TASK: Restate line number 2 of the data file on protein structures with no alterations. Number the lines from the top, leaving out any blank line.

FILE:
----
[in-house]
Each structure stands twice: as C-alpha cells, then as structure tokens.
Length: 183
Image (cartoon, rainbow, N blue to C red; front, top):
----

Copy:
Each structure stands twice: as C-alpha cells, then as structure tokens.